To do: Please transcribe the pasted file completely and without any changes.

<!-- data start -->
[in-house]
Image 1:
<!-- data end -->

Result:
[in-house]
Image 1: